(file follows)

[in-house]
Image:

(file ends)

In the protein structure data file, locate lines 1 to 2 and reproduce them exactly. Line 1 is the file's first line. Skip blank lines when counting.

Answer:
[in-house]
Image: